bad news and blessings on a beautiful day
as about 250,000 minnesotans basked in st. paul's grand old day sunshine (at left), i indulged in a long trail run. i spent a dozen or so blissed-out miles organizing, categorizing, and generally getting my head around work and home projects.
my plans all vanished when i returned to the house, though, as i learned i've got family in the emergency room. i raced to the hospital, where it was better than i'd feared (whew!). i'm now optimistic that things might turn out reasonably okay, but scared, of course, that they won't. so i'm blogging now to publicly count a few blessings.
1. as near as i can remember (and i'm not thinking all that clearly), i haven't had cause to visit a friend or family member in the hospital since about december of 2000. eight years is a nice run for anybody, but a very nice run for a dad with two teenagers in the house. i realize that i'm very fortunate in this regard.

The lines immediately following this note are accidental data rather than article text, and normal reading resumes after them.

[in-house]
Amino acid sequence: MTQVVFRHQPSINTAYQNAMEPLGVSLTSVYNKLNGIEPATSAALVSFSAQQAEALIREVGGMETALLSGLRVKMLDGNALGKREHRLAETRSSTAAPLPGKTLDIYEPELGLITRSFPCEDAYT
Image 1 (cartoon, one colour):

2. i was also lucky to find a job in my hometown, so i could race to the hospital when word came -- just a few miles from my house and even closer to my office. academics aren't supposed to consider "geography" when they take positions, but it is good to be close to family at such moments. i hope that "geography" somehow factors into my kids' long-term plans.
3. there are no major health insurance worries. again, i realize my family is pretty fortunate here as well.
4. based on the abundant health information available online, i could learn a lot about the situation in a few hours. as i recall, i had much greater difficulty getting such facts eight years ago.
5. when i told the lad about the situation, he went to the shed, gassed up the mower, and got to work doing something -- anything -- for the family. i don't know why this was meaningful to me, but it probably has something to do with feeling supported
unless the situation changes drastically, i'll do a few hours of chair work at the office tomorrow and a bit of contexts emailing as well. i'll do what i can on everything else, but may be even slower and more distracted than usual in completing other tasks or returning correspondence.